The Tennessean’s majority opinion expressly recognized two such exemptions: Tennessee Rule of Criminal Procedure 16, which functions to protect crime victims’ records from disclosure throughout the pendency of a criminal case, and Tenn. Code Ann. § 10-7-504(q)(1), which protects certain limited categories of records concerning sexual assault victims from disclosure following a defendant’s conviction. However, under Article I, section 35 of the Tennessee Constitution and Tenn. Code Ann. § 40-38-102(a)(1), five additional consequences — the likelihood of intimidation, harassment, abuse, indignity or lack of compassion following the release of a victim’s private records to the public — also provide independent bases for exempting crime victims’ records from public disclosure both before and after a criminal prosecution has concluded.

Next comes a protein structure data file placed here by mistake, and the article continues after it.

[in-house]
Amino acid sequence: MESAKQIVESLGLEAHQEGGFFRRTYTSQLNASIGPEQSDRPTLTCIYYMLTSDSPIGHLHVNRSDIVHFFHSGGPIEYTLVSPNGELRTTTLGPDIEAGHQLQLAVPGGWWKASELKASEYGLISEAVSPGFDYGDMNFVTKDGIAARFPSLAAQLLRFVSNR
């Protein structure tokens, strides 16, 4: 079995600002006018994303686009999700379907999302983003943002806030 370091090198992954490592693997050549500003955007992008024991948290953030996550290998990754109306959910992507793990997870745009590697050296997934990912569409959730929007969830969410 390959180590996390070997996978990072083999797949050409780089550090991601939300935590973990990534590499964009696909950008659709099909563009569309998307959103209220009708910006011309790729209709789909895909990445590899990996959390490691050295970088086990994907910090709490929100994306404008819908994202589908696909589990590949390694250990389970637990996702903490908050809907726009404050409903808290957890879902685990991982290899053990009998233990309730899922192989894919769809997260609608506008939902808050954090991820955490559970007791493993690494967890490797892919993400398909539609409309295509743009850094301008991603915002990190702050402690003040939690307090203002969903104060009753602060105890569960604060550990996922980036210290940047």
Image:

Consequently, in a future case, it is likely that the three categories of crime victims who were left unprotected by The Tennessean’s majority opinion — (1) victims whose cases do not result in a guilty plea or a conviction, (2) victims whose perpetrators are not convicted of a sexual offense, and (3) victims whose private records are not specifically exempted from disclosure by statute — will find that their records are shielded from public view under Tennessee’s victims’ rights provisions as well.

Notes

  1. The Tennessean v. Metro. Gov’t of Nashville, 485 S.W.3d 857, 873 (Tenn. 2016).
  2. Id.
  3. See brief for Domestic and Sexual Violence Prevention Advocates as Amici Curiae in Support of Intervenor Jane Doe and Partially in Support of Petitioners The Tennessean, et al. at 6–37, The Tennessean v. Metro., 485 S.W.3d 857 (2016) (NO. M-2014-00524-SC-R11-CV/); Opening Brief of Intervenor — Appellee Jane Doe at 9–26, The Tennessean v. Metro., 485 S.W.3d 857 (2016) (NO. M-2014-00524-SC-R11-CV). The arguments presented in this article reflect many of the arguments that were made to the Tennessee Supreme Court in The Tennessean both by amici curiae supporting Jane Doe and by Jane Doe herself. See id.